When it comes to lifting our mood during the darker months, we need a whole toolkit of tactics to stay upbeat, from getting outside into daylight first thing in the morning, to remaining sociable when all you want to do is snuggle up inside.
What we eat can play a part in our mood too, says nutritionist Charlotte Faure Green, who explains that while our dinner choices aren’t solely responsible for our happiness, our meals of choice can improve our mood.
“It is unlikely, though not impossible, that your diet is the sole cause of your low mood. As such, it’s not going to be possible to simply eat your way out of a depressed state. But that is not to say that changing your eating habits to align with the new season can’t directly impact and elevate your mood.”
Charlotte explains that the hormones that rule our mental state are made up of the minerals and nutrients we consume, giving an insight into the mood-boosting foods we should be filling our plates with.
Which foods will boost our mood?
“Serotonin, our happy hormone, is made up of tryptophan, an amino acid found in almonds, turkey, and bananas,” says Charlotte of what we should be eating more of if we’re struggling with low mood.
“The process of making serotonin is helped along by B6 and zinc, which are found in whole grains, meat and fish.”
“Good dietary fats from avocado, olive oil and oily fish nourish your cell membrane, including those in the brain to ensure it functions optimally,” Charlotte continues.
“If you’re a low-carb babe, now might be the time to consider upping your carbohydrate intake," Charlotte suggests. "Carbohydrates upregulate the creation of serotonin which is vital for feeling happy.”
Can comfort mood make us happier?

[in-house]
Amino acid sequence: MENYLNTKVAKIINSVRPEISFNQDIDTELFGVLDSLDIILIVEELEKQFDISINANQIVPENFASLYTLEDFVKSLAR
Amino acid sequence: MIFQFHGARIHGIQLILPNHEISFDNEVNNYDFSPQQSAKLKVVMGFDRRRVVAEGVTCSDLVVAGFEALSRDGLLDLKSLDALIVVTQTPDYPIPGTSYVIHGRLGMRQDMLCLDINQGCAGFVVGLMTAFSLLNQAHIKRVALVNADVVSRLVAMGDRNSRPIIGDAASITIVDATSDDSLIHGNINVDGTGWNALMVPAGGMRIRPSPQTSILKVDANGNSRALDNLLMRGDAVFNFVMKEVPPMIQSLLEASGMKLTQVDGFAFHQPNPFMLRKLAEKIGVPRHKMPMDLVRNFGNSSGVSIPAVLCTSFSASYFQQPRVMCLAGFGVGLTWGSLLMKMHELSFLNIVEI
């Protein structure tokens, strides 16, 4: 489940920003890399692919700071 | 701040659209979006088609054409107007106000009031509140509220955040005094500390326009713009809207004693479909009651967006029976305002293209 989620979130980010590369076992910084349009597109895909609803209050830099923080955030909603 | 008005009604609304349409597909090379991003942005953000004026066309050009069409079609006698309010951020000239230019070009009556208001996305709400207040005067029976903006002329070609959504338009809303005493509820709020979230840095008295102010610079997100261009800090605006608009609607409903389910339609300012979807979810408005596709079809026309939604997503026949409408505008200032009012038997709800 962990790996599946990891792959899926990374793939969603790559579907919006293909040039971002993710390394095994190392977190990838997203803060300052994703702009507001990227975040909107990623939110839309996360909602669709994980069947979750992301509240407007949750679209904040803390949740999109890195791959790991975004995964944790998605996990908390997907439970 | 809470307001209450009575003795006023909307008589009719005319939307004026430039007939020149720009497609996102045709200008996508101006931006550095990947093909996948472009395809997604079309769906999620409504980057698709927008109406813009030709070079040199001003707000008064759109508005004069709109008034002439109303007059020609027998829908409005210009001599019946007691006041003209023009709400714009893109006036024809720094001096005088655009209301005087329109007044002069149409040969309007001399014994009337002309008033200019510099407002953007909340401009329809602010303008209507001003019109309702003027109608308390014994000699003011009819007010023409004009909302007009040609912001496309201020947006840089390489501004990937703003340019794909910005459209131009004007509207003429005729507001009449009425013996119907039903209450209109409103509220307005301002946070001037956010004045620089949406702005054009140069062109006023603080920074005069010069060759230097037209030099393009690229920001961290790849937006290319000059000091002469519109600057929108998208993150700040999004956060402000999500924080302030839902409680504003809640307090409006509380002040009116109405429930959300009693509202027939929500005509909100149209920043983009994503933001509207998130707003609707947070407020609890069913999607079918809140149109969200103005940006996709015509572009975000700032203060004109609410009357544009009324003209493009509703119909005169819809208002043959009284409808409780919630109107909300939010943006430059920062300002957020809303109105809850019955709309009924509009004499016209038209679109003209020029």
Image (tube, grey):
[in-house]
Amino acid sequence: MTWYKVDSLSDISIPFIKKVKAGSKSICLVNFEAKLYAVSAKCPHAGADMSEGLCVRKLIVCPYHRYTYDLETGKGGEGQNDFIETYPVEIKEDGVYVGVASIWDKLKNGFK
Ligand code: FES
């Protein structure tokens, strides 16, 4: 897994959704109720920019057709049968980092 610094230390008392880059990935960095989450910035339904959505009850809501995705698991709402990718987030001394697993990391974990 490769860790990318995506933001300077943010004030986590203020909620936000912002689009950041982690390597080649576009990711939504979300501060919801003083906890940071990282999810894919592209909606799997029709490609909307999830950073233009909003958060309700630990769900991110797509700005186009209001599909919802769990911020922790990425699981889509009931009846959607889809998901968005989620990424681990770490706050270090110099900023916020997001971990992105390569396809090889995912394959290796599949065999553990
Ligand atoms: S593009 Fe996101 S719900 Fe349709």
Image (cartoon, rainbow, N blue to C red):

When we’re feeling low - and chilly - many of us find ourselves wanting to reach for comfort food - and it can in fact have a positive impact on our mood, according to Charlotte.
“Comfort food can be the ultimate mood-booster – as humans we don’t just eat for sustenance or fuel, we also derive pleasure and joy from what we consume.
“Eating something nostalgic or deeply comforting, regardless of its nutritional component, triggers dopamine in the brain, which we interpret as pleasure."
What should we eat more of in winter?
1. Vitamin D
“The enzyme responsible for creating brain serotonin is activated by vitamin D3,” Charlotte says. “Vitamin D3 is a hormone that is created naturally in our skin in response to direct sunlight – of course, grey skies, winter clothes and more hours indoors means that we are producing insufficient amounts in our skin over the winter months."
2. Vitamin B6
“This member of the B vitamin family is a cofactor for the production of serotonin and GABA (our calming neurotransmitter) in the brain,” Charlotte explains. “Studies show it reduces brain inflammation, another driver of depression.”
You can get your vitamin B6 as a supplement and it's also in many food sources such as fish, poultry, bananas, potatoes, nuts and seeds.
3. Omega 3 fatty acids
Omega 3 fatty acids such as DHA, but in particular EPA, found in oily fish such as sardines, mackerel, anchovies, salmon and trout, have been shown to reduce brain inflammation, according to Charlotte.
“Research indicates that it can even reverse brain atrophy caused by depression! If you’re not a fishy fan then a good quality daily supplement can keep your levels up and your brain happy.”